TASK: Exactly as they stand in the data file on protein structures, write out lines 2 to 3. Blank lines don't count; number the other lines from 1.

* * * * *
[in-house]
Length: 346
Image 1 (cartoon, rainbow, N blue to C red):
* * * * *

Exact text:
Length: 346
Image 1 (cartoon, rainbow, N blue to C red):